A few metres from our log-cabin porch is jungle. OK, perhaps jungle is stretching it a bit, but there's a lot of foliage and at night time it is loud with insects. I've just finished a book by David Grann called The Lost City of Z about Percy Harrison Fawcett, among the last of the great Victorian explorers. For years he explored the Amazon and came to believe that its jungle concealed a large, complex civilization, like Eldorado, which he called Z. Like many before him - not least the Spanish conquistadors - his quest became an obsession and he became quite possibly unhinged. He disappeared, with his son Jack and his friend Raleigh, in the Upper Xingu area of Brazil in 1925.
Fawcett's escapades inspired Arthur Conan Doyle's The Lost World (1912), and countless other fables, from Herge's Tintin and the Broken Ear to Herzog's Aguirre: Wrath of God and Fitzcarraldo, and from Pixar's Up to the fourth Indiana Jones film.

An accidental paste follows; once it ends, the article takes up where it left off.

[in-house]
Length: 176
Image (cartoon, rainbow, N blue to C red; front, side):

Years after his disappearance, people thought he was still alive, either held prisoner or gone native. There were various expeditions to rescue him. But it's almost certain he and the two young men were killed by native Indians.
And what of Z? Interestingly, it appears that he was right. There was a 'city' in the area where he disappeared, but it had existed roughly between 500-1600AD. The German archaeologist Michael Heckenberger has spent years uncovering moats, palisades, roads, pottery etc. It was called Kuhikugu. Its possible demise may be attributed to Europeans arriving with smallpox and other diseases. Poor old Fawcett - so near yet so far.